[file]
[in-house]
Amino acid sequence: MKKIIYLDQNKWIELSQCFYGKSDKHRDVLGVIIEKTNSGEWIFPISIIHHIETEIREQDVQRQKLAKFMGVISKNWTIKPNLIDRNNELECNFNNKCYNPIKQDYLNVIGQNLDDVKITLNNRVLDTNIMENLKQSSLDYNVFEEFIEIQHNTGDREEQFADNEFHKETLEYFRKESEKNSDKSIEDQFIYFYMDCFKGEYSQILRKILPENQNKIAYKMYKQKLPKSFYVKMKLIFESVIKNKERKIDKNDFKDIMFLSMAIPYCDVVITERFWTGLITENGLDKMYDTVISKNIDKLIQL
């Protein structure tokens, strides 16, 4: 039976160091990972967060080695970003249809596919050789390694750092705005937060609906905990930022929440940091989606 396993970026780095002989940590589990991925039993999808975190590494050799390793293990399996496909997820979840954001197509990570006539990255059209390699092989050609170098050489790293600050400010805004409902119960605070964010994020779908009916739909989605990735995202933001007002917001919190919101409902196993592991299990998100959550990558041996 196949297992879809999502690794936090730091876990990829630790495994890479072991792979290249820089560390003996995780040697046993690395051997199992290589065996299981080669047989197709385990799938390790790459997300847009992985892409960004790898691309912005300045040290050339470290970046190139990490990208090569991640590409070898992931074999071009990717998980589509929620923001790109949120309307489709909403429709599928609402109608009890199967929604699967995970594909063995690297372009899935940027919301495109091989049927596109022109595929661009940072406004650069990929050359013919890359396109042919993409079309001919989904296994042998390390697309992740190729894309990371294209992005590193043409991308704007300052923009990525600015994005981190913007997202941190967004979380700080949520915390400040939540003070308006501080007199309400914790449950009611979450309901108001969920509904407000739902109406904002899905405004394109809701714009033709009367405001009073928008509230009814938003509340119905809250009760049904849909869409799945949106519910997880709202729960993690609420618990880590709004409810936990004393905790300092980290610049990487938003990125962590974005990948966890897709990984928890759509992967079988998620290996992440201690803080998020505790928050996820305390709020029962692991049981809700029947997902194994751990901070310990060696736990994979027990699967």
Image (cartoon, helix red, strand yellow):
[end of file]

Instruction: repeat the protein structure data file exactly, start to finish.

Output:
[in-house]
Amino acid sequence: MKKIIYLDQNKWIELSQCFYGKSDKHRDVLGVIIEKTNSGEWIFPISIIHHIETEIREQDVQRQKLAKFMGVISKNWTIKPNLIDRNNELECNFNNKCYNPIKQDYLNVIGQNLDDVKITLNNRVLDTNIMENLKQSSLDYNVFEEFIEIQHNTGDREEQFADNEFHKETLEYFRKESEKNSDKSIEDQFIYFYMDCFKGEYSQILRKILPENQNKIAYKMYKQKLPKSFYVKMKLIFESVIKNKERKIDKNDFKDIMFLSMAIPYCDVVITERFWTGLITENGLDKMYDTVISKNIDKLIQL
């Protein structure tokens, strides 16, 4: 039976160091990972967060080695970003249809596919050789390694750092705005937060609906905990930022929440940091989606 396993970026780095002989940590589990991925039993999808975190590494050799390793293990399996496909997820979840954001197509990570006539990255059209390699092989050609170098050489790293600050400010805004409902119960605070964010994020779908009916739909989605990735995202933001007002917001919190919101409902196993592991299990998100959550990558041996 196949297992879809999502690794936090730091876990990829630790495994890479072991792979290249820089560390003996995780040697046993690395051997199992290589065996299981080669047989197709385990799938390790790459997300847009992985892409960004790898691309912005300045040290050339470290970046190139990490990208090569991640590409070898992931074999071009990717998980589509929620923001790109949120309307489709909403429709599928609402109608009890199967929604699967995970594909063995690297372009899935940027919301495109091989049927596109022109595929661009940072406004650069990929050359013919890359396109042919993409079309001919989904296994042998390390697309992740190729894309990371294209992005590193043409991308704007300052923009990525600015994005981190913007997202941190967004979380700080949520915390400040939540003070308006501080007199309400914790449950009611979450309901108001969920509904407000739902109406904002899905405004394109809701714009033709009367405001009073928008509230009814938003509340119905809250009760049904849909869409799945949106519910997880709202729960993690609420618990880590709004409810936990004393905790300092980290610049990487938003990125962590974005990948966890897709990984928890759509992967079988998620290996992440201690803080998020505790928050996820305390709020029962692991049981809700029947997902194994751990901070310990060696736990994979027990699967």
Image (cartoon, helix red, strand yellow):